Russian President Vladimir Putin's "special military operation" into neighboring Ukraine began on Feb. 24, with Russian forces invading from Belarus, to the north, and Russia, to the east. Ukrainian troops have offered "stiff resistance," according to U.S. officials.
The Russian military has since launched a full-scale ground offensive in eastern Ukraine's disputed Donbas region, capturing the strategic port city of Mariupol and securing a coastal corridor to the Moscow-annexed Crimean Peninsula.
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Kremlin spokesperson addresses missing Americans, Brittney Griner
Kremlin spokesperson Dmitry Peskov told MSNBC that Americans Andy Tai Ngoc Huynh and Alexander Drueke, who were captured while fighting in Ukraine, "committed crimes," and that they were not part of the Ukrainian armed forces and therefore not subject to the Geneva Conventions.
"They were involved in firing and shelling our military personnel, they were endangering their life and they should be responsible. They should be held responsible … for those crimes that they have committed," he said.
The Geneva Conventions outline the humanitarian rights given to prisoners of war, however, mercenaries are not given the same protections.
Regarding WNBA star Brittney Griner, who has been detained in Russia since February, Peskov said she’s not a hostage.
He said Russia has strict drug laws and she was caught carrying banned substances.
Griner was taken into custody at an airport near Moscow after officials allegedly found vape cartridges with hashish oil in her bag. Hasish oil is illegal to possess in Russia. The U.S. government has classified her case as "wrongfully detained," which means that the U.S. would work to negotiate her release.
Ben Stiller, a goodwill ambassador with UNHCR, visits Ukraine
Actor Ben Stiller, a goodwill ambassador for the United Nations High Commissioner for Refugees for the last five years, is visiting Ukraine to highlight the refugee crisis.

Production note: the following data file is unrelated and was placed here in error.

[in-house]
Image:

"I’m here meeting people forced to flee their homes due to the war in Ukraine. People have shared stories about how the war has changed their lives -- how they’ve lost everything and are deeply worried about their future," Stiller said Monday from Ukraine.
"Protecting people forced to flee is a collective global responsibility," he said. "We have to remember this could happen to anyone, anywhere."
Stiller was seen meeting with Ukrainian President Volodymyr Zelenskyy on Monday. Stiller told the actor-turned-president, "What you’ve done and the way that you’ve rallied the country and for the world, it’s really inspiring."
Stiller also met with displaced people in Poland.
-ABC News' Christine Theodorou
Russians launching large-scale offensive in Luhansk region
Serhiy Haidai, the head of the Regional Military Administration in Luhansk in eastern Ukraine, said the situation along the entire Luhansk front is "extremely" difficult with Russian forces "launching a large-scale offensive in our region."
"They have accumulated a sufficient number of reserves and today all the free settlements of the region are on fire," Haidai said.
The city of Lysychansk in the Luhansk Oblast has been coming under "massive" Russian fire all day, he said, with the number of victims unknown. He said Russian forces are advancing along the Lysychansk-Bakhmut highway and nearby settlements are under constant fire.
Haidai added that Ukrainian troops are only in control of the Azot chemical plant in Severodonetsk.
'Historic week' begins for Ukraine, Zelenskyy says